As illustrated in FIG. 5, a defibrillator electrode delivery system, according to another embodiment of the present disclosure, is generally designated as 500. Defibrillator electrode delivery system 500 includes an automatic external defibrillator (AED) 502 having a release liner 580 secured to a surface thereof via a clamp 582. Defibrillator electrode delivery system 500 is configured to store or retain at least one electrode pad 10 on a front side 580a of release liner 580. As shown in FIG. 5, electrode pad 10 may include a pull tab 11 to facilitate the removal of electrode pad 10 from release liner 580.

In this configuration, a gel layer of electrode pad 10 has a reduced tendency to dry-out. Due to the adherence of the electrode pad 10 to release liner 580, no special packaging is required that reduces a moisture vapor transmission rate (MVTR) of the electrode pads 10, 20.

As illustrated in FIG. 6, a defibrillator electrode delivery system, according to yet another embodiment of the present disclosure, is generally designated as 600. Defibrillator electrode delivery system 600 includes an automatic external defibrillator (AED) 602 including a pair of electrical contact points or pads 690, 692 disposed in a surface thereof. Defibrillator electrode delivery system 600 includes a pair of electrode pads 10, 20 electrically connectable to or pre-connected to AED 602 via respective lead wires 12, 22 joined at a connector 30. Electrode pads 10, 20 are also in contact with respective contact pads 690, 692. Each electrical contact pad 690, 692 is electrically connected to a respective electrical connector 690a, 692a which electrically interconnected to respective lead wires 12, 22 by way of connector 30.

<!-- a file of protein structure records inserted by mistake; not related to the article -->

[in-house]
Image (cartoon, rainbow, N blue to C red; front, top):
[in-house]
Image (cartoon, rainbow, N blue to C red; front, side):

In this manner, a first electrical circuit is defined which includes contact pad 690, a respective electrical connector 690a, connector 30, lead wire 12 and electrode pad 10. Also, a second electrical circuit is defined which includes contact pad 692, a respective electrical connector 692a, connector 30, lead wire 22 and electrode pad 20.